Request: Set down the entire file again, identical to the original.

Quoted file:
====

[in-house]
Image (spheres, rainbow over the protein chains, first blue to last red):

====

[in-house]
Image (spheres, rainbow over the protein chains, first blue to last red):